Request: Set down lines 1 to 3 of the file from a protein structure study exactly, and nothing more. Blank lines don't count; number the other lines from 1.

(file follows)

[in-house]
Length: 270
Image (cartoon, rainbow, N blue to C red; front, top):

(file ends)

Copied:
[in-house]
Length: 270
Image (cartoon, rainbow, N blue to C red; front, top):